What Do Customers Really Want? Google Analytics Can Help You Find the Answers

Do you truly know your online customers? If you answered “yes” but don’t use Google Analytics, then you might easily be mistaken. Your website might bring in quantifiable numbers of customers — and it could be responsive on mobile devices while satisfying the basic criteria of good SEO — but what about the performance metrics you can’t see?

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Without analytics data, that customer’s motivations would likely remain a mystery.

Fortunately, Google Analytics lets marketers set Goals. The main purpose of Goals is to measure when website visitors perform desired objectives, such as making purchases or requesting more information. The trick is to look at this data in reverse – and this is easy with the Reverse Goal Path feature of Google Analytics. Did certain advertising funnels convert more significant numbers of visitors? And, if so, then what did those funnels have in common?

Likewise, you can look for broken funnels among visitors who failed to convert. Were most of them using mobile devices? If so, your customers might be more tech-savvy than you anticipated, and perhaps your website isn’t properly optimized. Or did these visitors bounce after clicking on a research-oriented advertisement? If so, perhaps your customers crave more in-depth landing page content to help build trust with your brand.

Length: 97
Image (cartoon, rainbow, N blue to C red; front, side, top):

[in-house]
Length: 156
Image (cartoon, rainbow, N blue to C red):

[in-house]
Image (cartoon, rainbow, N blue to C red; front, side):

Setting up Goals in Google Analytics is easy, and the insights you’ll gain about your customers are invaluable.

Make Funnels Easier to See

Getting to know your customers with Google Analytics ultimately boils down to understanding funnels. If you can separate the data from one funnel to the next, you’ll have an easier time understanding what motivates your customers (and how to entice them to make purchases).

To this end, Google Analytics features a custom URL builder that lets you track results from all of your marketing efforts. Every piece of your online marketing — we’re talking individual blog posts, email blasts, banner ads, YouTube videos, Tweets, Facebook updates and more — should get its own URL. Do this, and you’ll see exactly which marketing efforts most effectively accomplished your goals.

Same as before, you’ll want to pay just as much attention to marketing efforts that failed. Compare under-performing blog posts, emails and social media updates with others that succeeded. Are there obvious differences? Was one post made on a weekend, and the other on a weekday? Did your buyer-oriented marketing outperform your research-oriented marketing, or vice-versa?

Small businesses can also use custom URLs to see how customers behave differently from around their service areas. If customers from an entire region don’t seem to be converting, perhaps the problem is one of brand credibility rather than pricing or special offers.

The more you can parse your funnels, the more quickly you’ll learn where your relationship with your customer base needs work.

Study the Competition

Always watch your competition. It’s a universal truth whether we’re talking sports, politics, board games or digital marketing.